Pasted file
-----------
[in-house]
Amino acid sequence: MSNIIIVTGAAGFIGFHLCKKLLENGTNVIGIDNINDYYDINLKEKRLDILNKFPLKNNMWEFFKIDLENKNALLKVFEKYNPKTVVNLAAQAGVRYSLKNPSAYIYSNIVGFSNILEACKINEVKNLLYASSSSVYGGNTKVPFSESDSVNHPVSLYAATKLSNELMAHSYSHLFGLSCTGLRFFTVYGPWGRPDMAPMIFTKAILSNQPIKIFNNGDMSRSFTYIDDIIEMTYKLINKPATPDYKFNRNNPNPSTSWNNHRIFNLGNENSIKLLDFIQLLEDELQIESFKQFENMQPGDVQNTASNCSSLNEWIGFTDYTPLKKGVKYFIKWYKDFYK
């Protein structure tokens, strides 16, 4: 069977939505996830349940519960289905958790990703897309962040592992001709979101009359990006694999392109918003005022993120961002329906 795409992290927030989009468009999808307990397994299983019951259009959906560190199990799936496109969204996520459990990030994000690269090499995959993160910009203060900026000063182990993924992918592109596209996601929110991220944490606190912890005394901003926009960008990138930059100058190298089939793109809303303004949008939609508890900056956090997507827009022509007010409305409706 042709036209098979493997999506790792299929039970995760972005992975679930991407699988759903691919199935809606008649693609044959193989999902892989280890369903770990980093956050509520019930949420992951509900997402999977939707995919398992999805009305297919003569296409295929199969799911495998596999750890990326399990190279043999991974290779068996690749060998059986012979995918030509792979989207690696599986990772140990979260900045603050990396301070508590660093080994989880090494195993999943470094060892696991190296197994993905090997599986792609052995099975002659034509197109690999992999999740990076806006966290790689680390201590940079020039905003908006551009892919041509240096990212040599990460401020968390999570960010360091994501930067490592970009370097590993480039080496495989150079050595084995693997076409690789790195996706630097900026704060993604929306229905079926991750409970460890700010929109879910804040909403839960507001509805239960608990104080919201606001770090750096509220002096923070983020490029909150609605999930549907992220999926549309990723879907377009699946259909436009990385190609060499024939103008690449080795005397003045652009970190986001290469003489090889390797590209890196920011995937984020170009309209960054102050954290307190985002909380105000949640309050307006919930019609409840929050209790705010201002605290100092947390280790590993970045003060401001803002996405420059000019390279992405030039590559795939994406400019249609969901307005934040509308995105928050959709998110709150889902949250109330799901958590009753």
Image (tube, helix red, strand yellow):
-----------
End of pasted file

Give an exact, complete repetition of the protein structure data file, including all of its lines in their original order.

[in-house]
Amino acid sequence: MSNIIIVTGAAGFIGFHLCKKLLENGTNVIGIDNINDYYDINLKEKRLDILNKFPLKNNMWEFFKIDLENKNALLKVFEKYNPKTVVNLAAQAGVRYSLKNPSAYIYSNIVGFSNILEACKINEVKNLLYASSSSVYGGNTKVPFSESDSVNHPVSLYAATKLSNELMAHSYSHLFGLSCTGLRFFTVYGPWGRPDMAPMIFTKAILSNQPIKIFNNGDMSRSFTYIDDIIEMTYKLINKPATPDYKFNRNNPNPSTSWNNHRIFNLGNENSIKLLDFIQLLEDELQIESFKQFENMQPGDVQNTASNCSSLNEWIGFTDYTPLKKGVKYFIKWYKDFYK
């Protein structure tokens, strides 16, 4: 069977939505996830349940519960289905958790990703897309962040592992001709979101009359990006694999392109918003005022993120961002329906 795409992290927030989009468009999808307990397994299983019951259009959906560190199990799936496109969204996520459990990030994000690269090499995959993160910009203060900026000063182990993924992918592109596209996601929110991220944490606190912890005394901003926009960008990138930059100058190298089939793109809303303004949008939609508890900056956090997507827009022509007010409305409706 042709036209098979493997999506790792299929039970995760972005992975679930991407699988759903691919199935809606008649693609044959193989999902892989280890369903770990980093956050509520019930949420992951509900997402999977939707995919398992999805009305297919003569296409295929199969799911495998596999750890990326399990190279043999991974290779068996690749060998059986012979995918030509792979989207690696599986990772140990979260900045603050990396301070508590660093080994989880090494195993999943470094060892696991190296197994993905090997599986792609052995099975002659034509197109690999992999999740990076806006966290790689680390201590940079020039905003908006551009892919041509240096990212040599990460401020968390999570960010360091994501930067490592970009370097590993480039080496495989150079050595084995693997076409690789790195996706630097900026704060993604929306229905079926991750409970460890700010929109879910804040909403839960507001509805239960608990104080919201606001770090750096509220002096923070983020490029909150609605999930549907992220999926549309990723879907377009699946259909436009990385190609060499024939103008690449080795005397003045652009970190986001290469003489090889390797590209890196920011995937984020170009309209960054102050954290307190985002909380105000949640309050307006919930019609409840929050209790705010201002605290100092947390280790590993970045003060401001803002996405420059000019390279992405030039590559795939994406400019249609969901307005934040509308995105928050959709998110709150889902949250109330799901958590009753």
Image (tube, helix red, strand yellow):